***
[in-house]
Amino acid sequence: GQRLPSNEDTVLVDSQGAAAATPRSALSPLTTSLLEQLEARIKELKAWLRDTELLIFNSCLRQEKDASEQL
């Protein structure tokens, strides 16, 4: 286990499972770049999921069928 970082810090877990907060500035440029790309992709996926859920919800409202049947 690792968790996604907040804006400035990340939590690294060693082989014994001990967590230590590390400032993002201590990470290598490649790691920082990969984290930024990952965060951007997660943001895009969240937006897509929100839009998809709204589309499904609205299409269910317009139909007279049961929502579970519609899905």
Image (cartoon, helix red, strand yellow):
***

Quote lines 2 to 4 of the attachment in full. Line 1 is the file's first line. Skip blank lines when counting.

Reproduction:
Amino acid sequence: GQRLPSNEDTVLVDSQGAAAATPRSALSPLTTSLLEQLEARIKELKAWLRDTELLIFNSCLRQEKDASEQL
């Protein structure tokens, strides 16, 4: 286990499972770049999921069928 970082810090877990907060500035440029790309992709996926859920919800409202049947 690792968790996604907040804006400035990340939590690294060693082989014994001990967590230590590390400032993002201590990470290598490649790691920082990969984290930024990952965060951007997660943001895009969240937006897509929100839009998809709204589309499904609205299409269910317009139909007279049961929502579970519609899905």
Image (cartoon, helix red, strand yellow):